Support The Moscow Times!

Russian Government Plans New Service Exposing 'Fake News'

Imago / TASS

Russia's Foreign Ministry is set to wade into the raging debate over "fake news" with a new fact-checking service of its own.

According to the ministry, a section of its website will collect and debunk untruthful news stories — but only from the allegedly dishonest Western press. Foreign Ministry Spokesperson Maria Zakharova said the service would fight back in the ongoing “information war” waged by the U.S. and European nations.

Zakharova did not to comment on allegations that Russian state news outlets had published several "fake stories," including dishonest reports intended to undermine foreign politicians. 

Instead, she told journalists that the Russian government saw a clear media campaign targeting Kremlin-funded news outlets Sputnik and RT.

“I don't think [the West] even understands that all this is very obvious,” Zakharova said.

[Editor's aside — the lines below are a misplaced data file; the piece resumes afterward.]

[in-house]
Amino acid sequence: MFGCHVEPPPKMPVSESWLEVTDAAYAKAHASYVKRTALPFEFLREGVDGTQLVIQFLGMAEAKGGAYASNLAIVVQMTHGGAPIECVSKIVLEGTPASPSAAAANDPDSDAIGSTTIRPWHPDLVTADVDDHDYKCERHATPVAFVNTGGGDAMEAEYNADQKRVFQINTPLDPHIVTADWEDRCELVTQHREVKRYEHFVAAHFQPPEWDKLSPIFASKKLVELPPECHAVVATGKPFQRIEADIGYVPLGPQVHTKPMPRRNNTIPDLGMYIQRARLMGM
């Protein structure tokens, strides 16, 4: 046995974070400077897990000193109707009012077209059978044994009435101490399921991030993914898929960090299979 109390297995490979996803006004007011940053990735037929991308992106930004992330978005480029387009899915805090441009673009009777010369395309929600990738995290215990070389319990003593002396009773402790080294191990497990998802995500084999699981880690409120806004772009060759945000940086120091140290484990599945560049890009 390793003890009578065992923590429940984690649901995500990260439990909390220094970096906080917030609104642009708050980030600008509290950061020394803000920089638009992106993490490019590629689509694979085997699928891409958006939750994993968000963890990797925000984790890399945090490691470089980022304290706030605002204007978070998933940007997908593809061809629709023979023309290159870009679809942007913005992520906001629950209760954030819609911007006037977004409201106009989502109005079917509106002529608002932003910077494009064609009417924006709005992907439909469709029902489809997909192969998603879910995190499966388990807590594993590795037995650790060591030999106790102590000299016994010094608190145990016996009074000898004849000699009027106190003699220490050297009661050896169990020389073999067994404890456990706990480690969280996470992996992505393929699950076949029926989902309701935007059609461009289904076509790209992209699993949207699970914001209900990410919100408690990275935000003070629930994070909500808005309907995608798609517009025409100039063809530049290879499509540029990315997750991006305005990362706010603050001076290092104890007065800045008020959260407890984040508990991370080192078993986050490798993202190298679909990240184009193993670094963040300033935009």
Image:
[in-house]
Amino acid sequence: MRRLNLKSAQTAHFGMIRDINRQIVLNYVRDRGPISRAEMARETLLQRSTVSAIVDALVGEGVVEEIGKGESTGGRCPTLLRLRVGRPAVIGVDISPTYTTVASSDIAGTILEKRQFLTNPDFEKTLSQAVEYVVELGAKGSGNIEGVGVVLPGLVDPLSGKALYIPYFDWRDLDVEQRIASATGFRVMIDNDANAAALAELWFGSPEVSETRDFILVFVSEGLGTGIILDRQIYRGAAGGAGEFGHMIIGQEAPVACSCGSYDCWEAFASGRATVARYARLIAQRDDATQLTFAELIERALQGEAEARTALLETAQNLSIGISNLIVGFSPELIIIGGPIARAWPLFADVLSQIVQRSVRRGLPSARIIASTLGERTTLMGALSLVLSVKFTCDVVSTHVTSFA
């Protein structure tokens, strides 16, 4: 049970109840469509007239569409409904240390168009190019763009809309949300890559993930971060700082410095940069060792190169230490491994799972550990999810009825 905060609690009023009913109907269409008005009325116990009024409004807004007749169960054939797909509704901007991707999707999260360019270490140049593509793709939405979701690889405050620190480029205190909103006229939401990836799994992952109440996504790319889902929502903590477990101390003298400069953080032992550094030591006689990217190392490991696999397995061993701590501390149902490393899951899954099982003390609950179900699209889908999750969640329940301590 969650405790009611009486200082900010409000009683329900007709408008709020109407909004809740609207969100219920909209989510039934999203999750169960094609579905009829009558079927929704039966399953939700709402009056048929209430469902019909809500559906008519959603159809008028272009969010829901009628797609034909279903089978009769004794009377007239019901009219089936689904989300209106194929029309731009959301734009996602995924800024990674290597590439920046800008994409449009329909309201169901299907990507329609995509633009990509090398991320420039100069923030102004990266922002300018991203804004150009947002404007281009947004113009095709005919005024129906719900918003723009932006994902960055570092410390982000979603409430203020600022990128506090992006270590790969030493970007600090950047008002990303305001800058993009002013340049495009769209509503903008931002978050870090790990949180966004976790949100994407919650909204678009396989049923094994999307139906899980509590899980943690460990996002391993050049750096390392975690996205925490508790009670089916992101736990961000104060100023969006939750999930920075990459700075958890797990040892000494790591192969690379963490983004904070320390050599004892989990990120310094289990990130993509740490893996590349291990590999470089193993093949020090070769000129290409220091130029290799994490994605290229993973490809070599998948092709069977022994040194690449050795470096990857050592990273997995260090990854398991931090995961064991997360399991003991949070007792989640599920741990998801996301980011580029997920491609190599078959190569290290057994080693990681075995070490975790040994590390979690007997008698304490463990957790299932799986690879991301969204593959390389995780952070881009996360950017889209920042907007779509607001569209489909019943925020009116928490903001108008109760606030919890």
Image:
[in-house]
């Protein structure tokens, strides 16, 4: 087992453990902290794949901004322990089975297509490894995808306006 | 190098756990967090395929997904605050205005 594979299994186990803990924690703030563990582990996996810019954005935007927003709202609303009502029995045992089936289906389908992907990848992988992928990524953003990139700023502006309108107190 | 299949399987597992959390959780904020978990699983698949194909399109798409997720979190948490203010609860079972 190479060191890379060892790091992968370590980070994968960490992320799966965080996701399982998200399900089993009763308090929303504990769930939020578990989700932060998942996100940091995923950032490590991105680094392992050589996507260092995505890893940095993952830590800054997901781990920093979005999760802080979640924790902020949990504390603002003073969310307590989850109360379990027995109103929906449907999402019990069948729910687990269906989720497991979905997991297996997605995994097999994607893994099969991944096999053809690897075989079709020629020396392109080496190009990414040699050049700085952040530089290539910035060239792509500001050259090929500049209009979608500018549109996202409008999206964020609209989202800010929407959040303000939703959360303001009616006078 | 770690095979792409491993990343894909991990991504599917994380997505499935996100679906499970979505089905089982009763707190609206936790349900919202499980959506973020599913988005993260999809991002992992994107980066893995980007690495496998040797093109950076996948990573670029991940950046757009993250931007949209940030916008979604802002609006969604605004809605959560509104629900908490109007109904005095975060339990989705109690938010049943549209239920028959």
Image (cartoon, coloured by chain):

It's not the first time that Russia has proposed launching an "alternative" government agency when faced with critical coverage.

In September 2016, officials suggested founding a Russia-led human rights monitoring group in the former Soviet bloc. The proposed Eurasian Human Rights Group was set to be styled on organizations like Amnesty International and Human Rights Watch, while being less "politically engaged," the Russian media reported.

The plan followed a damning report by Humans Rights Watch, which claimed that the Russian government had “further intensified harassment and persecution of independent critics."

Read more

Independent journalism isn’t dead. You can help keep it alive.

As the only remaining independent, English-language news source reporting from Russia, The Moscow Times plays a critical role in connecting Russia to the world.

Editorial decisions are made entirely by journalists in our newsroom, who adhere to the highest ethical standards. We fearlessly cover issues that are often considered off-limits or taboo in Russia, from domestic violence and LGBT issues to the climate crisis and a secretive nuclear blast that exposed unknowing doctors to radiation.

As we approach the holiday season, please consider making a one-time donation — or better still a recurring donation — to The Moscow Times to help us continue producing vital, high-quality journalism about the world’s largest country.